On July 28th, the European Commission’s Directorate General for Communications Networks, Content and Technology (DG CONNECT) and the United States Department of Health and Human Services (DHHS) announced their agreement on an updated roadmap for the Memorandum of Understanding on cooperation surrounding health related information and communication technologies (the MoU).
The MoU was entered into in December 2010 to demonstrate the shared dedication of EU and US authorities in addressing challenges concerning eHealth/Health IT (‘eHealth’ being the European term for what is typically referred to as ‘Health IT’ in the US). The first roadmap of MoU actions was published in March 2013, and focused on outlining the vision, challenges and scope of two priority areas: ‘International Interoperability’ and ‘eHealth/Health IT Workforce Development’. In December 2015, DHSS and DG CONNECT agreed to add a third priority area to the MoU roadmap, namely ‘Transatlantic eHealth/Health IT Innovation Ecosystems’.
The most recent roadmap was published on July 28, 2016 following consultations with key stakeholders, held in parallel in the EU and US from December 22, 2015 to March 15, 2016. The revised roadmap retains the three priority areas previously agreed on, and develops them as follows:
- International Interoperability: Efforts to date have focused on analyzing requirements for the structure and content of an International Patient Summary (IPS). The IPS is intended to enable the interoperable representation and communication of information about a patient’s immunizations, allergies, medications, clinical problems, past operations and implants. The revised roadmap confirms the EU and US authorities’ commitment to promote and advance an IPS standard to enable people to access and share their health information for planned or emergency care anywhere and as needed. The US, in particular, has recently been focused on interoperability with the US Food and Drug Administration (FDA) issuing draft guidance in January 2016 on Design Considerations and Pre-Market Submission Recommendations for Interoperable Medical Devices. In addition, the US Congress has been active in this area, with the Senate passing the Improving Health Information Technology Act, which targets electronic health records (EHRs) in an effort to make them more interoperable. However, the legislation has not received full approved from Congress.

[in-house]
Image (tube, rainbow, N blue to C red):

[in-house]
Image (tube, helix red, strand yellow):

- eHealth/Health IT Workforce Development: The first phase of this priority area, which was completed in May 2015, involved identifying and addressing competency and knowledge deficiencies among staff in the eHealth/Health IT professional workforces. The next phase will involve continued collaboration with EU and US individuals and organizations, to promote development of a global workforce professionally prepared to deploy eHealth/Health IT systems.
- Transatlantic eHealth/Health IT Innovation Ecosystems: This newly added priority area aims to encourage innovation in the eHealth/Health IT industry by way of EU and US collaborations, and to link these innovations to other roadmap priority areas. By way of example, this could involve building transatlantic partnerships between EU and US cities that are interested in solving similar eHealth/Health IT challenges, or identifying key EU and US stakeholders and enlisting their support. The specific actions, deliverables and deadlines which flow from these priority areas are set out in an Annex to the revised roadmap. The Annex, which covers a 12-18 month timeframe, will be regularly updated to keep stakeholders informed.
The revised roadmap and accompanying Annex signal a renewed commitment to transatlantic partnerships and cooperation in the eHealth/Health IT sphere, which will be welcome news to most international operators as well as to consumers, who may expect to receive more streamlined, transferrable and accessible eHealth products and services in the near future.